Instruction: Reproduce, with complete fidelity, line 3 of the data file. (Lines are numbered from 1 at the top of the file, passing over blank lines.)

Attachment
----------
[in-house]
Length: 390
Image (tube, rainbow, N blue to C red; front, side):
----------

Image (tube, rainbow, N blue to C red; front, side):